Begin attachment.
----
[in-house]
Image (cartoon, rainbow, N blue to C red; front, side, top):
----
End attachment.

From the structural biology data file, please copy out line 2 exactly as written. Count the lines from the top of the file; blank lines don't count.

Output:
Image (cartoon, rainbow, N blue to C red; front, side, top):